USDA Awards Funding for Regional Centers of Excellence in Nutrition Education and Obesity Prevention
October 17, 2014
Source: Monique Bienvenue; Cal Ag Today Social Media Manager/Reporter
Today, the U.S. Department of Agriculture awarded $4 million in grants to establish four regional centers of excellence for research on nutrition education and obesity prevention, as well as a coordinating center, which will develop and test innovative nutrition education and obesity prevention interventions for underserved, low-income families.
"Nearly one in three children today is overweight or obese, and nutrition promotion strategies, including education, public policies, health systems, and environmental changes, are the key to reversing this trend," said Sonny Ramaswamy, Ph.D., National Institute of Food and Agriculture director. "These grants provide the opportunity to improve the health of our next generation and ensure that all children have access to the tools they need to improve their nutrition and physical fitness."
Together, Food and Nutrition Service and the National Institute of Food and Agriculture will support effective education and extension services through two preexisting programs; the Supplemental Nutrition Assistance Program-Education (SNAP-Ed) and the Expanded Food and Nutrition Education Program (EFNEP). This joint effort, known as the SNAP & EFNEP: Regional Nutrition Education and Obesity Prevention Centers of Excellence (RNECE) will establish centers at Colorado State University, Cornell University, Purdue University, and the University of North Carolina at Chapel Hill, and one national coordinating center at the University of Kentucky.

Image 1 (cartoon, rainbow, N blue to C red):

The National Coordination Center will coordinate communications across the four regions and disseminate findings. The national center will also aggregate data to share with policy makers and other stakeholders, and will work with NIFA to organize annual meetings with the regional centers. The interventions developed through the centers will likely benefit additional populations beyond SNAP and EFNEP participants.
The $4 million in funding supports USDA's strategic goal of developing and extending a research-based approach to obesity prevention, ultimately producing measurable improvements in health, obesity, nutrition and physical activity-related outcomes.
"This joint grant program is one of the most important and powerful tools at our disposal to promote healthier choices and improved physical health among participants in our nutrition assistance programs," said Food and Nutrition Service Administrator Audrey Rowe. "I am thrilled that we have been able to launch this partnership to drive innovation and increase our impact in preventing and reducing obesity."
USDA's Food and Nutrition Service administers 15 nutrition assistance programs. In addition to SNAP, these programs include the National School Lunch and Breakfast programs and the Summer Food Service Program which together comprise America's nutrition safety net. Improving the diets of participants is a key component of USDA's nutrition assistance programs. For more information, visit www.fns.usda.gov.